The first 61 collaborative research projects under the new European Defence Fund (EDF) are set to receive almost €1.2 billion.  

The projects will support the development of next generation of fighter aircrafts, tanks and ships, and critical technologies such as military cloud, AI, semiconductors, space, cyber or medical countermeasures.  

The €7.9 billion EDF builds on previous EU defence programmes. It aims to reduce EU dependence on dual use technologies from outside the bloc by enabling to enabling cross-border cooperation. 


Horizon Europe calls in 2023 and 2024 should focus on intensifying collaborative research in cancer, two coordinators of the European Parliament’s industry, research and energy committee urge the Commission.  

In a letter to research commissioner Mariya Gabriel, MEPs Christian Ehler and Maria da Graça Carvalho cite complaints about the new Horizon Europe cancer mission shifting the focus of cancer-related projects towards dissemination, promotion and networking activities, away from fundamental research. The MEPs want the balance restored in the next Horizon Europe work programme.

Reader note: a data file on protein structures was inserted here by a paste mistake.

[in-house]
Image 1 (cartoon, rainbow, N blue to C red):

“There is the need to change this trend and include a special focus on cancer research into the next 2023-2024 work programmes,” they told Gabriel. 


The Marie Skłodowska-Curie Actions (MSCA) research mobility programme strongly contributes to attract and retain talents in Europe but more can be done, a study by the European Commission shows.

According to the study, Most MSCA researchers move to a handful of countries. The United Kingdom, Germany, Spain, France and the Netherlands hosted almost 60% of all incoming long-term MSCA researchers under Horizon 2020.

Moreover, only 12 regions hosted 30% of long-term MSCA fellows. All these regions are in so-called “non-widening” countries, which already perform well in research and innovation, and include major European cities such as Barcelona and Paris.

Read the study here.